The Growing Retirement Deficit
For many Americans, the largest single expense in a lifetime will be the purchase of a home. However, retirement costs outstrip the average home costs by more than 250%, according to a new study by Merrill Lynch and Age Wave. Can your nest egg handle that expense?
The study, "Finances in Retirement: New Challenges, New Solutions," addressed the "Seven Life Priorities" of retirement: Health, Family, Work, Leisure, Home, Giving, and the centerpiece of it all — Finances. Average retirement costs are listed as $738,400, a lofty target given current funding trends.
Retirement funding is in transition. Employer-based defined-benefit pensions are giving way to defined contribution plans. The traditional three-legged stool of Social Security, pensions, and personal savings is nearly down to two legs — and one remaining leg is in trouble as life expectancy increases and Social Security obligations build.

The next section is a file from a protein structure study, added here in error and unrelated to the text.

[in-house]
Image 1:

As a result, America has a growing retirement savings deficit. The National Institute on Retirement Security estimated the retirement deficit to be between $6.8 and $14 trillion as of 2015.
Younger workers understand the need to take greater responsibility for their own retirement savings. The survey indicates a profound shift in expectations for the balance of government, employer, and personal retirement contributions. The percentage of retirement income from personal contributions is expected to increase from 26% for the "Silent Generation" above age 70 to 65% for the millennial generation, while government contributions drop from 51% to 21%.